Tool Wear and Machined Surface Roughness during Wood Flour/Polyethylene Composite Peripheral Up-milling using Cemented Tungsten Carbide Tools

Xiaolei Guo, Mats Ekevad, Anders Grönlund, Birger Marklund, Pingxiang Cao

Abstract


The effect of sharpness angle on tool wear and the effect of tool wear on machined surface roughness were investigated in wood flour/polyethylene composite (WFPEC) peripheral up-milling using cemented tungsten carbide (TC) tools. It was shown that nose width and edge recession increased with increasing feeding length. During the milling process, the wear of the nose width was smallest for the tool with a sharpness angle of 45°, followed by tools with sharpness angles of 55° and 65°. The wear of edge recession was highest for the tool with a sharpness angle of 45°, followed by tools with sharpness angles of 55° and 65°. The nose width increased with increasing sharpness angle, the edge recession decreased with increasing sharpness angle, and the machined surface roughness increased with increasing sharpness angle after a feeding length of 40 m. The nose width had a positive effect on the machined surface roughness, and the machined surface roughness increased with increasing nose width. The edge recession had little effect on the machined surface roughness. The clearance face roughness of the worn tool increased with increasing sharpness angle. The analysis of the SEM micrographs and EDS of the clearance face of the worn tool showed that the wear mechanisms of the cemented tungsten carbide tool were oxidation and abrasion in the range tested during cutting. Thus, a slight wear of the edge recession is gained in exchange for a lower machined surface roughness by decreasing the sharpness angle.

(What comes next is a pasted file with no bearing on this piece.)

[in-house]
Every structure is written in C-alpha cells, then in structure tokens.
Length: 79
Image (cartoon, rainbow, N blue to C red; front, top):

Keywords


Wood flour/polyethylene composite; Cemented tungsten carbide tools; Up milling; Sharpness angle; Tool wear; Surface roughness

Full Text: PDF

Welcome to BioResources! This online, peer-reviewed journal is devoted to the science and engineering of biomaterials and chemicals from lignocellulosic sources for new end uses and new capabilities. The editors of BioResources would be very happy to assist you during the process of submitting or reviewing articles. Please note that logging in is required in order to submit or review articles. Martin A. Hubbe, (919) 513-3022, hubbe@ncsu.edu; Lucian A. Lucia, (919) 515-7707, lucian.lucia@gmail.com URLs: bioresourcesjournal.com; http://ncsu.edu/bioresources ISSN: 1930-2126